Strain rate is the change in strain (deformation) of a material with respect to time.
The strain rate at some point within the material measures the rate at which the distances of adjacent parcels of the material change with time in the neighborhood of that point. It comprises both the rate at which the material is expanding or shrinking (expansion rate), and also the rate at which it is being deformed by progressive shearing without changing its volume (shear rate). It is zero if these distances do not change, as happens when all particles in some region are moving with the same velocity (same speed and direction) and/or rotating with the same angular velocity, as if that part of the medium were a rigid body.
The strain rate is a concept of materials science and continuum mechanics, that plays an essential role in the physics of fluids and deformable solids. In an isotropic Newtonian fluid, in particular, the viscous stress is a linear function of the rate of strain, defined by two coefficients, one relating to the expansion rate (the bulk viscosity coefficient) and one relating to the shear rate (the "ordinary" viscosity coefficient). In solids, higher strain rates can often cause normally ductile materials to fail in a brittle manner.
I would like to know some guidelines regarding this topic. The characteristics of wave propagation depend highly on the orientation of fibre (unidirectional and warp & weft arrangement), fibre volumetric fraction, relative fibre modulli etc. What is the relation of wave propagation and these...
I was reading about strain rate tensors and other kinematic properties of fluids that can be obtained if we know the velocity field V = (u, v, w). It got me wondering if I can sketch streamlines if I have the strain rate tensor with me to start with. Let's say I have the strain rate tensor...
I've been digging through literature the last few days, and I'm starting to wonder if increasing strain rate EVER decreases yield stress? I found anomalies which increase it with increasing temperature. But I cant' find the reverse, so I was wondering if it was possible?
How these properties are related to velocity fluid. The https://postimg.org/image/674a6sw4t/ https://postimg.org/image/674a6sw4t/ figure shows an area of Earth's mantle where upwelling of hot semi-liquid mantle is occurring in middle and then two downwelling currents on two sides (forming...
If one were to apply, for example, 60 Hz AC to a piezoelectric material, would the strain rate be 60 Hz?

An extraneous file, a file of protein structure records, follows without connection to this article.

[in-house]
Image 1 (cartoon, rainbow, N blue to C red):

I am not entirely sure if I am using "strain rate" in its proper sense; I use it merely to describe what I imagine would be the rate at which the material expands and contracts while exposed...
Hello,
recently I became interested in some basics of material science and there was one thing that I did not really understand.
What is the difference (or what are things in common) between creep and strain rate sensitivity?
I read about it in connection with indentation.
- To measure the...
I am a part C mechanical engineering student and require some advice for my individual project, which is based on the high strain-rate testing of a particular glass filled composite material using a split-Hopkinson pressure bar (SHPB) experiment.
I gathered the results on a SHPB test rig and...
I want to create stress/strain curves for Higher Strain Rates from an available stress/strain curve?
I am interested on the mathematical formulation aspect to generate a Dyna Material card.
Hi,
The attachment below is about strain rate in fluids*. It shows how the strain rate d\phi/dt is related to the velocity field derivative du/dx when you stretch the element in x (i.e. longitudinal strain).
It has no intermediate steps, and I can't see how the angle has been related to...
Homework Statement
Determine the Strain Rate for a Material Fiber in the direction of the surface normal.
The Velocity Field is
V=((4y-3x)i+(5x+3y)j) ft/s
http://puu.sh/9hQ7Q/2bda80620f.jpg is the picture
which describes a steady, planar flow
where i and j are unit vectors.
Homework...
I've got a problem regarding tensors.
Premise: we are considering a fluid particle with a velocity \mathbf{u} and a position vector \mathbf{x}; S_{ij} is the strain rate tensor, defined in this way:
\displaystyle{S_{ij}=\frac{1}{2}\left(\frac{\partial u_i}{\partial x_j} +\frac{\partial...
Homework Statement
I have a Mohr-Coulomb plasticity model with isotropic hardening on the cohesion c(k). The angle of internal friction is constant. k=sqrt((2/3)*(de)'Q*de), where de is the time derivative of the plastic strain. Q is diag[1,1,1,0.5,0.5,0.5]. It is a triaxial test assuming...
i,
I'm attaching a file which have the stress strain curves of same material at quasi static and high strain rates.
See materials on page 1 and page 2.
Both are same materials.
The curve on page 1 is obtained at quasi static strain rate and the curve on page 2 is obtained at high...
What is the main reason for changing the strength of metals under very high strain rate? Do all metals show the similar trend in increased strength under high strain rate? What is the effect of crystal structure on this phenomenon?:!)
I was wondering exactly how yield and tensile strength increases with increasing levels of strain rate for a typical steel grade? I understand dislocations are generated during straining (work hardening), but what happens at higher strain rates which increases the strength?